Microsoft Edge is going to make an effort to help you improve the browser with a new system of badges for add-ons.
Add-ons (also referred to as extensions) are little extras that can be bolted onto the browser to deliver all kinds of functionality, but clearly the trick to making Edge better with them is choosing good add-ons, and not bloat or poor-quality efforts (or even malicious ones in a worst-case scenario).
As MS Power User (opens in new tab) reports, what the new system delivers is a badge – a visual icon, present on the product description page and elsewhere – to show that any given browser extension is of a high enough quality to deserve that label. So in short, you know you’re getting something you can trust, and that will work well.
Microsoft says that it’ll soon start to experiment with testing extension badges in the Edge Addons Store (EAS). The company notes (opens in new tab): “Edge is starting with a small-scale experiment and will begin to engage with the developer community to talk through the criterion and help them get acquainted with the badging process on EAS.”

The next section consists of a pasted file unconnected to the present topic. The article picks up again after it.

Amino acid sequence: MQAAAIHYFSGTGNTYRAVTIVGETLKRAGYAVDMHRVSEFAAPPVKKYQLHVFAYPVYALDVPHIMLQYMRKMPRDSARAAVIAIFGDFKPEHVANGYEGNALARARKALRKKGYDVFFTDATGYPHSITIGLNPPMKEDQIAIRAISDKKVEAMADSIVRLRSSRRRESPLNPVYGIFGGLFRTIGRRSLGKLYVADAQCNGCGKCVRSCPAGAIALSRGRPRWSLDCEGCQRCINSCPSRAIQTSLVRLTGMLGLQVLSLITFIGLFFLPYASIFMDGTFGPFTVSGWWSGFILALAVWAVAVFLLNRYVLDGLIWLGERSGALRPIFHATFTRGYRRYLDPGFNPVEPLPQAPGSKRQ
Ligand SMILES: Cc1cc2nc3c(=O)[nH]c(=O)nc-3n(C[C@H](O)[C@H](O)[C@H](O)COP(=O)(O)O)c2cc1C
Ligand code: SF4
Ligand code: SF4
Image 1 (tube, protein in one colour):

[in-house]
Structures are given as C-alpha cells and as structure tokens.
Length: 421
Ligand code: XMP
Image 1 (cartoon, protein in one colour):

Analysis: Another step in the right direction
Badges will also act as a carrot for devs to make better extensions, too. As Microsoft explains, developers will be encouraged to follow best practice guidelines when putting together their add-ons in order to try to qualify for a badge that’ll ensure their products are more likely to be used by Edge fans. So, it’s more likely that the extensions being made will be of a higher quality, broadly speaking, or at least that’s the hope.
There are quite a number of add-ons in the library available to Edge users at this point, so helping to sort the wheat from the chaff is definitely a good idea. According to Microsoft, there are almost 11,000 extensions for Edge at this point, and that’ll keep on growing, naturally.
It’s good to see the software giant taking more positive steps to try and improve Edge as a product. We’ve also glimpsed another innovative step in recent times, namely the integrated free VPN that’s been in testing (and has supposedly just reached release, at least for some Edge users).
All this is refreshing, primarily because advancing Edge with extra capabilities and fresh features is what we want to see, not experimenting with how more adverts can be jammed into Windows 11 to push Edge (let’s stop with that already, Microsoft, please).